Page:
Every fiscal year (October 1st – September 30th), approximately 140,000 employment-based immigrant visas are made available to qualified applicants under the provisions of U.S. immigration law. Employment based immigrant visas are divided into five preference categories:
- Employment First Preference (E1): Priority Workers
- Employment Second Preference (E2): Professionals Holding Advanced Degrees and Persons of Exceptional Ability
- Employment Third Preference (E3): Skilled Workers, Professionals, and Unskilled Workers (Other Workers)
- Employment Fourth Preference (E4): Certain Special Immigrants
- Employment Fifth Preference (E5): Immigrant Investors
Fees are charged for the following services:
- Filing of Immigrant Petition for Alien Worker, Form I-140, or Petition for Amerasian, Widow(er), or Special Immigrant, Form I-360 (this fee is charged by USCIS)
- Processing an immigrant visa application, Form DS-260
- Medical examination and required vaccinations (costs vary)
- Other costs may include: translations; photocopying charges; fees for obtaining the documents you need for the immigrant visa application (such as passport, police certificates, birth certificates, etc.); and expenses for travel to the U.S. Embassy or Consulate for your visa interview. Costs vary from country to country and case to case.
In general, the following documents are required:
- Passport(s) valid for six months beyond the intended date of entry into the United States, unless longer validity is specifically requested by the U.S. Embassy/Consulate in your country. Please review the instructions for guidance.
- Form DS-260, Immigrant Visa and Alien Registration Application.
- Two (2) 2×2 photographs. See the required photo format explained in Photograph Requirements.
- Civil Documents for the applicant. See Documents the Applicant Must Submit for more specific information about documentation requirements, including information on which documents may need to be translated. The consular officer may ask for more information during your visa interview. Bring your original civil documents (or certified copies) such as birth and marriage certificates, as well as legible photocopies of the original civil documents, and any required translations to your immigrant visa interview. Original documents and translations can then be returned to you.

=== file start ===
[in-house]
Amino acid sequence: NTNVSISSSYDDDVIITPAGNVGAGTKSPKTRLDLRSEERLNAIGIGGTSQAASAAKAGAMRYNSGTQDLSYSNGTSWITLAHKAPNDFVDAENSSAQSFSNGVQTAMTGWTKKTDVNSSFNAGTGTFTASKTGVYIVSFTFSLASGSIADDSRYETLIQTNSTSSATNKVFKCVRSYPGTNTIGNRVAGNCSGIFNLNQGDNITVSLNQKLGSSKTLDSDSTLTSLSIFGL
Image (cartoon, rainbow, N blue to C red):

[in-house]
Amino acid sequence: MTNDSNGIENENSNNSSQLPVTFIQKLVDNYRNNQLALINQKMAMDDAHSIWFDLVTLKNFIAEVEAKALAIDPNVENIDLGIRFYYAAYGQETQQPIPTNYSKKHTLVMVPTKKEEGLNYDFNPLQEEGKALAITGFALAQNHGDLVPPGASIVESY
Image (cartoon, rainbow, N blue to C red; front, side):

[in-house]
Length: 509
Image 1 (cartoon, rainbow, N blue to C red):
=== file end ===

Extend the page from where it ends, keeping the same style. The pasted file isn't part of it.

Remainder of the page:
- Financial Support – At your immigrant visa interview, you must demonstrate to the consular officer that you will not become a public charge in the United States. (NOTE: For applicants where a U.S. citizen or lawful permanent resident (LPR) relative filed the Form I-140 petition or where such a relative has a significant ownership interest in the entity that filed the petition, that relative must complete Form I-864, Affidavit of Support Under Section 213A of the Act, on behalf of the applicant.)
- Completed Medical Examination Forms – These are provided by the panel physician after you have completed your medical examination and vaccinations
Most Comment Visa Types to The U.S.A.
- Tourism and Visit Visa to the U.S.A.
- Family-Based Immigrant Visas to the U.S.A.
- Immigrant Visa for a Spouse of a U.S.A. Citizen
- Employment-Based Immigrant Visa to the U.S.A.
- Student Visa to the U.S.A.
- Business Visa to the U.S.A.
- Temporary Worker Visas to the U.S.A.
- Treaty Trader & Investor Visa to the U.S.A.
- Transit Visa to the U.S.A.
- Non-immigrant Visa for Spouse and Children of Resident to the U.S.A.
- Nonimmigrant Visa for a Fiancé to the U.S.A.
- Nonimmigrant Visa for a Spouse to the U.S.A.
- Border Crossing Card Visa to the U.S.A.
- Crew Member Visa to the U.S.A.
- Exchange Visitor Visa to the U.S.A.
- Only Transitional Worker Visa to the U.S.A.
- Returning Resident Visas to the U.S.A.
- Immigrant Visas for Iraqi and AfghanTranslators to the U.S.A.
- Temporary Religious Worker Visa to the U.S.A.
- Diplomats and Foreign Government Officials Visas to the U.S.A.
- International Organizations & NATO Employees Visas to the U.S.A.
- Visas for Victims of Criminal Activity to the U.S.A.
- Visas for Victims of Human Trafficking to the U.S.A.